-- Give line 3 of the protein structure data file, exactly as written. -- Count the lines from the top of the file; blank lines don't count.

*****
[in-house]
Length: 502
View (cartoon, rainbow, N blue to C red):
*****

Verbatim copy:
View (cartoon, rainbow, N blue to C red):